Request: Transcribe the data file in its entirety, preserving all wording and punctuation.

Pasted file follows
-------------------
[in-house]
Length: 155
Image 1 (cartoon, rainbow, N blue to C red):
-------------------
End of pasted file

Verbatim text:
[in-house]
Length: 155
Image 1 (cartoon, rainbow, N blue to C red):